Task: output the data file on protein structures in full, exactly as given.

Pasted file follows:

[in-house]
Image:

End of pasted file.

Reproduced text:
[in-house]
Image: